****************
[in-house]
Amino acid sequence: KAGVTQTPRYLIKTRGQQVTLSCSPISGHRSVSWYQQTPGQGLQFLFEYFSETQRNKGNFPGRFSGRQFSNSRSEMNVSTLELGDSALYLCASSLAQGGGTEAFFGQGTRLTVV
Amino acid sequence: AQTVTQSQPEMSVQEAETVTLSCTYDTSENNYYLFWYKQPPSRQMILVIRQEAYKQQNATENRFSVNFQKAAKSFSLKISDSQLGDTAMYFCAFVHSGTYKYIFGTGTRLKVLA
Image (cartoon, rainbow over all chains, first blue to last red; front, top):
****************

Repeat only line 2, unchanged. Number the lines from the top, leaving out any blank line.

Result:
Amino acid sequence: KAGVTQTPRYLIKTRGQQVTLSCSPISGHRSVSWYQQTPGQGLQFLFEYFSETQRNKGNFPGRFSGRQFSNSRSEMNVSTLELGDSALYLCASSLAQGGGTEAFFGQGTRLTVV